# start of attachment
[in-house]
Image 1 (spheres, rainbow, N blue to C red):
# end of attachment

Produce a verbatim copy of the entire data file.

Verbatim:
[in-house]
Image 1 (spheres, rainbow, N blue to C red):